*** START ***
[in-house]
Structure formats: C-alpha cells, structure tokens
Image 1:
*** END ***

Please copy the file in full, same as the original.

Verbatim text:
[in-house]
Structure formats: C-alpha cells, structure tokens
Image 1: